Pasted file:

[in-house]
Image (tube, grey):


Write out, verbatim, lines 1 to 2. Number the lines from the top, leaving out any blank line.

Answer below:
[in-house]
Image (tube, grey):